All those in cars in LO

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3,368
Location
Kansas, USA
Will anything on the cars/trucks be worth saving in New Orleans area? I know the interior is a big no. How about the drivetrain? If you drain the fluids and let them dry out would the motor/transmission be good? Other than body panels i don't see how much could be used off of them. I guess the plus side is there will be a whole new parts in circulation.
 
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36,475
Location
ME
If you take the spark plugs out before restarting and turn the motor over so the rings don't rust to the cylinder walls you might be able to save an engine or at least keep it running. I've heard automatic transmissions have worse issues with water intrusion, it screws up/dissolves their clutch packs. Then you have the wiring corroding and as you say it's mostly body parts left over. These people are going to need new used reliable transportation. Thankfully there's a bumper crop of reliable trade-ins on this summer's employee pricing stunt but demand will outstrip supply of the 'nice' cars. If I were displaced I'd take a bus 1000 miles away to a northern state with liberal temporary license plate rules and quickly pick up a nicer car. The flooded clunkers are slowly being patched up, disguised, and headed to dealers as we speak. [Frown] But, now is a better time to buy (better odds) than two to six months from now.
 
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9,427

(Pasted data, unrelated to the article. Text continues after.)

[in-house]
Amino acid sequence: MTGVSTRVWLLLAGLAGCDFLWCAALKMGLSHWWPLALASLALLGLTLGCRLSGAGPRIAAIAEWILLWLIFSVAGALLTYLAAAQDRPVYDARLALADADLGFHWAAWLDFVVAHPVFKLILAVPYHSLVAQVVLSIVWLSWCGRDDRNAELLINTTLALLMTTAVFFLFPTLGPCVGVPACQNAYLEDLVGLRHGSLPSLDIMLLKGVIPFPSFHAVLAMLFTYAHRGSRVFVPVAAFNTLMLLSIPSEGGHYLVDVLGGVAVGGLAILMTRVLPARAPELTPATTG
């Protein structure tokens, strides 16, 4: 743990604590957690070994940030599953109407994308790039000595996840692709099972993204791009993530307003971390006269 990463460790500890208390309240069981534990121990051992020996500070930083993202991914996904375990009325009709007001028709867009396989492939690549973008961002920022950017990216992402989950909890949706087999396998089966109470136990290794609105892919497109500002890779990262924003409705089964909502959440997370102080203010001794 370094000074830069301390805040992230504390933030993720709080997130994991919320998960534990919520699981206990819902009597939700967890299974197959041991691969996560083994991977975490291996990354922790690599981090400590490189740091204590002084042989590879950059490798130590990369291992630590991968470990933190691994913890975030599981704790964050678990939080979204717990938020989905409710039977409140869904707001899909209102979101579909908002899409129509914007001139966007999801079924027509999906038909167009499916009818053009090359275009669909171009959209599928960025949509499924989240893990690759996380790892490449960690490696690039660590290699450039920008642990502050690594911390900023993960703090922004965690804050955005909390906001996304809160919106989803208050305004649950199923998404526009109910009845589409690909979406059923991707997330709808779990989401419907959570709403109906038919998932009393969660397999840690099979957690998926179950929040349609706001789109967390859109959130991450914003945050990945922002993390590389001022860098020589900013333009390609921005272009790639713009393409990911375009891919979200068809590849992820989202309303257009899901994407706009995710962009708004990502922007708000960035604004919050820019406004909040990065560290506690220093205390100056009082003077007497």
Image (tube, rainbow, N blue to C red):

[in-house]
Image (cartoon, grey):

Location
Pensacola & Vero Beach FL
Yep, I'm thinking along those lines too. Buying a used car is going to be a dangerous proposition for the next couple years. The market will be full of cars that have been immersed for days or weeks in a foul, disease ridden slime soup. If ever there was a time for buyers to beware, this would be it. Of course, they'll be shined up all nice and pretty on the outside. I think the concept here is putting lipstick on a venomous pig. Ouch.
 

JHZR2

Staff member
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46,169
Location
New Jersey
My BMW was purchased and forever has been in NJ. It has a flood title... Some wires show slight signs of corrosion, but its never been an issue. Other than a whiney diff (which every e30 has), no problems... Just passed 100K. Obviously the damage was bad enough for the car to get a flood title... That said, all repars were done at a dealer, and the car is still perfect, at 14 years old. JMH
 

Eric Smith

Thread starter
Messages
3,368
Location
Kansas, USA
I would think the smell on the inside would be enough to give it away. I guess if they traded out the seats and carpets.. maybe. How deep was your bmw submerged? Another thing now is some of these cars may have been submerged not once but twice.
 
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